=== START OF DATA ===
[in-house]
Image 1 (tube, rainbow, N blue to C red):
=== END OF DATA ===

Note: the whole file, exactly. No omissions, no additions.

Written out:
[in-house]
Image 1 (tube, rainbow, N blue to C red):